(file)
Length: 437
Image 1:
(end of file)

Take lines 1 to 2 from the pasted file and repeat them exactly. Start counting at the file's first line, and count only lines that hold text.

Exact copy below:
Length: 437
Image 1: